Time to ‘go big’ on the curriculum

A letter from Emma Haddleton.

It does seem extraordinary that all young humans don’t currently learn (or are educated) about themselves, their brains, their feelings, their thoughts and behaviours. There are of course are some superb packages and programs within schools which tend to focus on feelings (anxiety for example). Is it time for Psychology to make the switch from being a fringe science, which you can only learn from GCSE onwards, or come across if you need support and help whilst still a child, to being available to all?

Imagine a society where each person had the tools to understand something more about what and how their (and other people’s) mind, emotions and behaviours operate. If this knowledge was developed from a very early age, challenges could be managed and understood more readily as they occurred. It wouldn’t solve everything, but it would certainly be a strong stepping stone in the right direction.

Could we be brave and embed Psychology into the school curriculum from Reception right through the school system? In the same way Chemistry and Biology went from Natural History and Life Sciences into discrete subjects taught to very young children onwards, Psychology is now grown up enough to be a core subject. The beauty of Psychology of course, being that developmentally we know which concepts to share and explain at each age and stage.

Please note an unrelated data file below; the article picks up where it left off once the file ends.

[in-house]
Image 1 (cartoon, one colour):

I can of course see the reams of arguments saying there isn’t room on the curriculum - and that understanding oneself is already squeezed into PSHE lessons (Growth Mindset is a regular item). But this is about moving from pockets of great work into a comprehensive curriculum approach (with a pilot study of course to inform and amend before full roll out).

A psychologically informed and literate society could be a game changer for how we all interact with each other and how we structure our institutions of governance and service. Post Covid we’re all looking to make some changes and improvements. Shall we collectively, as Psychologists go big?

Emma Haddleton
CEO haddletonknight.com

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